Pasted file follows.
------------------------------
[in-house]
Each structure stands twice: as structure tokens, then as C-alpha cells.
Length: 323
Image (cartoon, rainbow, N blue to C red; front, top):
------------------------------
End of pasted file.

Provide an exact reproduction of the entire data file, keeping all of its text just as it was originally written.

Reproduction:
[in-house]
Each structure stands twice: as structure tokens, then as C-alpha cells.
Length: 323
Image (cartoon, rainbow, N blue to C red; front, top):